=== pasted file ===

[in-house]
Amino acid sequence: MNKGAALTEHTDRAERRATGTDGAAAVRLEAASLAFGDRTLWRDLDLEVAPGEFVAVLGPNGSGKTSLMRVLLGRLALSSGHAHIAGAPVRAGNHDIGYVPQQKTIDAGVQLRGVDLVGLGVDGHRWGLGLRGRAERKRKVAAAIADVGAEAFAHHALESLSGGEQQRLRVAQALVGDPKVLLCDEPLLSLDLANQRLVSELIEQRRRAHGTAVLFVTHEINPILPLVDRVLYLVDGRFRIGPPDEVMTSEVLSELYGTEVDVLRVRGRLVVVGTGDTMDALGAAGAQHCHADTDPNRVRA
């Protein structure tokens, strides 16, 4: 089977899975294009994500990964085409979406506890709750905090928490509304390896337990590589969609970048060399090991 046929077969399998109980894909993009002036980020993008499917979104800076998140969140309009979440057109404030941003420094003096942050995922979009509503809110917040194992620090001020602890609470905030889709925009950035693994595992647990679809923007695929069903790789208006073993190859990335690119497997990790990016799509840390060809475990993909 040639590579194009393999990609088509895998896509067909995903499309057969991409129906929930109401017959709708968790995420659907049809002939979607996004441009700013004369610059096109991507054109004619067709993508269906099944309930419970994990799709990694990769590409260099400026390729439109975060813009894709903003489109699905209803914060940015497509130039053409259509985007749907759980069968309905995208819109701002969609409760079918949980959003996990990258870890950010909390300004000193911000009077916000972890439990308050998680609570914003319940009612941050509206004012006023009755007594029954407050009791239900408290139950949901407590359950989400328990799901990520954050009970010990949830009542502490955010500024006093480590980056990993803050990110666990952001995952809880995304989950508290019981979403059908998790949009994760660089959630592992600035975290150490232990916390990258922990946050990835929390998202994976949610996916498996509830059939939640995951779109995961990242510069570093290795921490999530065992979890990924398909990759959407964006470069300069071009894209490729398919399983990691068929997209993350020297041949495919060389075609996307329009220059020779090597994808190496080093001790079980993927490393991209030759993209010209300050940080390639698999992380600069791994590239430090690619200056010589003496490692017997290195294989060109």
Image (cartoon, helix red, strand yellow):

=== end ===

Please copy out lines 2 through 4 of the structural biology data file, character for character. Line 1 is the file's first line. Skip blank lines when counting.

Amino acid sequence: MNKGAALTEHTDRAERRATGTDGAAAVRLEAASLAFGDRTLWRDLDLEVAPGEFVAVLGPNGSGKTSLMRVLLGRLALSSGHAHIAGAPVRAGNHDIGYVPQQKTIDAGVQLRGVDLVGLGVDGHRWGLGLRGRAERKRKVAAAIADVGAEAFAHHALESLSGGEQQRLRVAQALVGDPKVLLCDEPLLSLDLANQRLVSELIEQRRRAHGTAVLFVTHEINPILPLVDRVLYLVDGRFRIGPPDEVMTSEVLSELYGTEVDVLRVRGRLVVVGTGDTMDALGAAGAQHCHADTDPNRVRA
């Protein structure tokens, strides 16, 4: 089977899975294009994500990964085409979406506890709750905090928490509304390896337990590589969609970048060399090991 046929077969399998109980894909993009002036980020993008499917979104800076998140969140309009979440057109404030941003420094003096942050995922979009509503809110917040194992620090001020602890609470905030889709925009950035693994595992647990679809923007695929069903790789208006073993190859990335690119497997990790990016799509840390060809475990993909 040639590579194009393999990609088509895998896509067909995903499309057969991409129906929930109401017959709708968790995420659907049809002939979607996004441009700013004369610059096109991507054109004619067709993508269906099944309930419970994990799709990694990769590409260099400026390729439109975060813009894709903003489109699905209803914060940015497509130039053409259509985007749907759980069968309905995208819109701002969609409760079918949980959003996990990258870890950010909390300004000193911000009077916000972890439990308050998680609570914003319940009612941050509206004012006023009755007594029954407050009791239900408290139950949901407590359950989400328990799901990520954050009970010990949830009542502490955010500024006093480590980056990993803050990110666990952001995952809880995304989950508290019981979403059908998790949009994760660089959630592992600035975290150490232990916390990258922990946050990835929390998202994976949610996916498996509830059939939640995951779109995961990242510069570093290795921490999530065992979890990924398909990759959407964006470069300069071009894209490729398919399983990691068929997209993350020297041949495919060389075609996307329009220059020779090597994808190496080093001790079980993927490393991209030759993209010209300050940080390639698999992380600069791994590239430090690619200056010589003496490692017997290195294989060109």
Image (cartoon, helix red, strand yellow):